The Mona Lisa: A Different Way to Approach the Question

The Mona Lisa: A Different Way to Approach the Question

Op-Ed: Is smearing food on the ‘Mona Lisa’ a productive form of climate change protest?

How is it that a painting of the Virgin Mary can make one feel like a target for hate speech when there is no one on the planet today who doesn’t have a different opinion than yours on anything?

If you are a Christian, you may have your own answer for that—and, if you are a believer, you probably have a list of reasons why you are right and others are wrong (and why your list outweighs theirs, no matter how many people make that list).

As Christians, we look at what the Church has said on a given topic and we are confident that whatever the Church says is absolutely right. But, if you believe another point of view, there is no solid proof that it is the truth.

For that reason, it can be a difficult thing to consider the topic of the Mona Lisa as part of that debate. I wanted to look at a different way to approach the topic. I wanted to look at what we can learn from painting the Mona Lisa a different way. Instead of trying to disprove or disprove again that the Mona Lisa is the same as the world’s greatest painting of the Virgin Mary, I want to consider the painting itself in its own context.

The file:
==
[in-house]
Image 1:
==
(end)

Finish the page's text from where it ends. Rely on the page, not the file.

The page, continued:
I want to examine each of the painting’s four corners. To see if a painting in one corner, or even two of its corners, can be used to disprove the painting as a whole.

I have already spoken at length about what paintings are, and I have mentioned that the purpose of art is to be understood, not to be understood, or perhaps even to be understood to its absolutemost limit. So, what has the Mona Lisa been used for?

The first two sides down are her feet. The painting has been used to show the beauty and power of nature.

The feet of a woman are powerful and beautiful. She can crush men with her feet, and she can crush the world with them.

The artist was trying to show the female beauty of Christ. But, you can’t have it both ways. Christ is both a powerful God and a vulnerable human being.

By placing the feet of the painting on the ground, the artist is

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